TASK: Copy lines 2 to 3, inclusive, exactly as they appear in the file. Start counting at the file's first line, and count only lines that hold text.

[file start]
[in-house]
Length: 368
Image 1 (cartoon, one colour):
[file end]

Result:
Length: 368
Image 1 (cartoon, one colour):